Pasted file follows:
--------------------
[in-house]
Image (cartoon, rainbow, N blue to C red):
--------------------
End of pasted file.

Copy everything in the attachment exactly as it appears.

[in-house]
Image (cartoon, rainbow, N blue to C red):